Jason Kimberley from Cool Australia said: “Education is vital, we need to provide our next generations with relevant and engaging information about how our world works and what we risk with ‘business as usual’. As educators it is critical that we address the challenges of climate change through a range of subjects across all year levels. When students ‘do the maths’ on our carbon budget to keep our world below 2 degrees of warming it quickly becomes apparent that we are living beyond our means. From this student led learning our students become engaged in the conversation and are empowered to take action.”


Dermot continued, “We want our children to have a bright future. That’s why we need to tackle global warming and take advantage of the affordable, abundant renewable energy opportunities we have in Australia.

 

“On March 25, WWF are calling on Australians to turn off their lights at 8.30pm as a symbol of support for a low pollution, clean energy future for all generations.”

 

Families, friends, schools and communities across the country are encouraged to register their support at www.earthhour.org.au host or attend an Earth Hour gathering in their community on Earth Hour night, and get active in the lead up to, and during, the official hour.

 

For the 10th Anniversary, WWF has given 10 year olds Aussie kids a platform to voice their opinions on the environmental issues that concern them. Kids feature in their own news show called the Tomorrow Show highlighting the climate news that is important to them. You can view the thought-provoking clips here.

 

For further information, case studies, spokesperson interviews, vision and images please contact:
Olivia Heidrich | 0418 268 235 | olivia.heidrich@leoburnett.com.au
Liz Hunt | 0434 084 333 | liz.hunt@leoburnett.com.au

 

Register for Earth Hour – Earth Hour: 8:30pm – 9:30pm local time, Saturday, March 25, 2017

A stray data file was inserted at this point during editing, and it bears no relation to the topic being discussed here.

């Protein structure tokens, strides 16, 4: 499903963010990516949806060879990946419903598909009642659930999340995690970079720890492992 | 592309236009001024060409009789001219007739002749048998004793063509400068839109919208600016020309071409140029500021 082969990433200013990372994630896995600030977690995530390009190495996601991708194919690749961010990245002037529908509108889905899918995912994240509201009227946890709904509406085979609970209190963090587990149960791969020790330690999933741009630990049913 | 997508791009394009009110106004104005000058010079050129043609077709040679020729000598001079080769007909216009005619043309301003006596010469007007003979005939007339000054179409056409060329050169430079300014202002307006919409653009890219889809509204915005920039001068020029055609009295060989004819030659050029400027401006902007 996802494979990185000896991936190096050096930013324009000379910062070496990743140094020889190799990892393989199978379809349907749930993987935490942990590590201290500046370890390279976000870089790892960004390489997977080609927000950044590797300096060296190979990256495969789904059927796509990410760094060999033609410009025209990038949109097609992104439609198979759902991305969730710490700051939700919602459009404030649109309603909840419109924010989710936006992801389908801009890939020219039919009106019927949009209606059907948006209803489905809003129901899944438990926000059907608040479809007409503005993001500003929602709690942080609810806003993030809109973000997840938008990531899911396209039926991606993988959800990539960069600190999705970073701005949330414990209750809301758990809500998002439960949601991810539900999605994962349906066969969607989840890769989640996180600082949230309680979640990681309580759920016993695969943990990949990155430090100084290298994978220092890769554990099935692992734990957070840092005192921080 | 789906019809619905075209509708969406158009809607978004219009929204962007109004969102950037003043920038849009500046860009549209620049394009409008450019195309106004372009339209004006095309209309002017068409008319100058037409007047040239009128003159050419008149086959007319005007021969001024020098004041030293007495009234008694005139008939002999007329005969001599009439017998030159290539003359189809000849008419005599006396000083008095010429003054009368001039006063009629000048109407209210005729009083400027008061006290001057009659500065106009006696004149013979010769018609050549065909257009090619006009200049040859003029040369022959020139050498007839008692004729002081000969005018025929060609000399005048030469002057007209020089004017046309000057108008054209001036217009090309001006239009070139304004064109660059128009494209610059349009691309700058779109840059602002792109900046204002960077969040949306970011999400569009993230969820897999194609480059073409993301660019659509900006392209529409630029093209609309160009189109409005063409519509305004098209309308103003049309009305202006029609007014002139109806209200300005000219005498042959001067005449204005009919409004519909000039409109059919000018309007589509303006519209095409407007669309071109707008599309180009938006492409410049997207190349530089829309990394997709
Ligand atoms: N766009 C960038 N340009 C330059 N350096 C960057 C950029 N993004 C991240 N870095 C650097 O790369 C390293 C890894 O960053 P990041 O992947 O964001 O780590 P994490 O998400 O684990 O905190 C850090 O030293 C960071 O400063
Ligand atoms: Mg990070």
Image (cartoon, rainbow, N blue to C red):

What do kids think about the environment in 2017? (Earth Hour 2017 infographic)

NOTES TO EDITORS


Methodology
• 10-minute online survey conducted by AMR Research with n=505 Australian kids aged 7-12 years
• Survey responses were captured between 6th and 13th February 2017
• Kids accessed via online consumer panel; parents completed a short screening questionnaire and then asked children to complete the survey (with parent’s assistance)
• Quotas set and weighting applied to ensure that results are representative of the Australian population of children aged 7-12 in terms of gender, age and location

About Earth Hour
Earth Hour 2017 (March 25) marks ten years since the lights-out event first started in Australia in 2007.
Launched by WWF, the event has become the world’s biggest grassroots environmental movement where landmarks and communities switch off their lights to show their support for a brighter future for the planet.
Now celebrated in over 170 countries, and over 7,000 cities, with over 6 million Australians (1 in 4) taking part, Earth Hour has one mission: to unite people to protect the planet and show they care about its future.
On Saturday March 25, Australians will be called upon to turn off their lights between 8:30-9.30pm as a symbol of support for a low pollution, clean energy future for all generations.